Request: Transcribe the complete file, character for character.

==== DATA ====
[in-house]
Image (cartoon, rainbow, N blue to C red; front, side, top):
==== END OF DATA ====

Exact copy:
[in-house]
Image (cartoon, rainbow, N blue to C red; front, side, top):